Many memory institutions across Europe contain holdings connected with its colonial past which for many years has been a focus of contestation from both communities of origin, ethnic minorities and civil society at large. At the same time challenging questions are being asked by professionals in the field as to what to do with this problematic cultural heritage, from returning items when appropriate, to rewriting the historical context surrounding them in a more critical and inclusive way. This project aims to identify key instances of colonial audio-visual heritage across the three archives involved, draw a common map of shared racialised representations connected with their respective imperial contexts, identify problematic visualisation and language and open up a dialogue between the archives and a variety of users, including archivists, researchers, filmmakers, and grassroots organisations.
Impacts & Results
The digitised colonial audio-visual heritage is provided by three national archives: The Netherlands Institute for Sound and Vision, the French Institut national de l'audiovisuel and Pitt Rivers Museum in Oxford, UK. All these archives have a rich collection of original film and sound, some of it produced at the height of empire, ranging from ethnographers' footage for 'educational' purposes to more direct propaganda films to bolster colonial ideologies. We will explore how archival material created in a ‘colonial mindset’ can be re-appropriated and re-interpreted critically to become an effective source for the 'decolonization of the mind' and the basis for a future inclusive society. The overall outcome of the project is to engender a polyvocality that can be incorporated into the archive itself providing new ways to enter and explore the past via a contemporary interpretative frame. To this effect advanced technologies will be used to study how to bridge archival and contemporary languages, and to support transnational exploration of multiple archives via a single interactive user interface.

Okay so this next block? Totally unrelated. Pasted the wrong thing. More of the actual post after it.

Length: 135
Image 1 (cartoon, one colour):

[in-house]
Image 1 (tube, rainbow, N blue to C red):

Cover Image: Eiengi spirit dance at Mongengé village, Central African Republic, 1987. © CC BY-NC-ND 4.0. Pitts Rivers Museum. Universitv of Oxford